As a strong defender of executive power (when properly exercised) and executive privilege (when properly invoked), I am concerned when claims of executive power or privilege are abused for any reason—especially if they are invoked to shield potential wrongdoing. In addition to shielding the wrongdoing, it jeopardizes the very executive power that the President is entrusted with when Congress and the courts react—as they did in the post-Watergate era—to the abuse of power.
The House Committee on Oversight and Government Reform is rightfully investigating the Fast and Furious debacle, in which the Administration allowed thousands of guns to flow across the Mexican border, resulting in the death of one U.S. border patrol agent and at least 200 Mexican citizens—according to the Mexican attorney general. The most glaring violation of executive power in that investigation prior to today was the refusal of the Department of Justice (DOJ) to turn over 1,300 pages of documents subpoenaed by the committee without even an assertion of executive privilege. Attorney General Eric Holder simply refused on his own initiative in a blatant act of stonewalling.
As Holder surely knew all these past months, there is no privilege that exists between Congress and the executive branch to withhold documents except the constitutional executive privilege, which is based on the separation of powers. For example, the attorney-client privilege does not exist between Congress and the executive branch because they have the same client—the American people. Holder also knew that executive privilege does not attach to documents automatically. It can be asserted only by the President or with his direct approval. It can be waived; indeed it should be waived in many or most instances when Congress needs the information for its legislative functions. So the slated House committee vote to hold Holder in contempt today was unfortunately necessary to get him to at least reconsider his lawless course of stonewalling.
In a desperate attempt to prevent the contempt vote in the last few hours, Holder asked President Obama to invoke executive privilege to shield these 1,300 pages of documents from Congress, and the President apparently agreed to do so. Yet that is not the end of the story. Even if properly involved, the Supreme Court has made clear that executive privilege is not absolute. DOJ must provide an explanation why all those documents fit one of the recognized categories of executive privilege. It is questionable whether they all are legitimately subject to executive privilege, for several reasons.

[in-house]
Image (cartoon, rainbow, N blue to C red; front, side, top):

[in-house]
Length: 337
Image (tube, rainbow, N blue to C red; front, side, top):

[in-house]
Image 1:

First, the Supreme Court in United States v. Nixon (1974) held that executive privilege cannot be invoked at all if the purpose is to shield wrongdoing. The courts held that Nixon’s purported invocation of executive privilege was illegitimate, in part, for that reason. There is reason to suspect that this might be the case in the Fast and Furious cover-up and stonewalling effort. Congress needs to get to the bottom of that question to prevent an illegal invocation of executive privilege and further abuses of power. That will require an index of the withheld documents and an explanation of why each of them is covered by executive privilege—and more.
Second, even the “deliberative process” species of executive privilege, which is reasonably broad, does not shield the ultimate decisions from congressional inquiry. Congress is entitled to at least some documents and other information that indicate who the ultimate decision maker was for this disastrous program and why these decisions were made. That information is among the most important documents that are being withheld.
Third, the Supreme Court in the Nixon case also held that even a proper invocation must yield to other branches’ need for information in some cases. So even a proper invocation of executive privilege regarding particular documents is not final.
And lastly, the President is required when invoking executive privilege to try to accommodate the other branches’ legitimate information needs in some other way. For example, it does not harm executive power for the President to selectively waive executive privilege in most instances, even if it hurts him politically by exposing a terrible policy failure or wrongdoing among his staff. The history of executive–congressional relations is filled with accommodations and waivers of privilege. In contrast to voluntary waivers of privilege, Watergate demonstrates that wrongful invocations of privilege can seriously damage the office of the presidency when Congress and the courts impose new constraints on the President’s discretion or power (some rightful and some not).
But there is at least one helpful development in Holder’s request that the President invoke executive privilege to shield these documents: The President now owns the consequences of further stonewalling. There is no ongoing DOJ prosecution or investigation to protect. There is no obvious reason why the President can’t waive even what legitimately privileged documents there are (which is probably far fewer than the 1,300 pages being withheld).
The American people will now clearly understand that it is President Obama who doesn’t want them to know who is to blame for the Fast and Furious scandal—and whether his Administration has done anything to prevent it from happening again.
Todd Gaziano is the Director of the Center for Legal & Judicial Studies at The Heritage Foundation. He previously served in the DOJ’s Office of Legal Counsel, which advises the Attorney General and the President on the invocation of executive privilege. He was also a chief oversight counsel in the House of Representatives.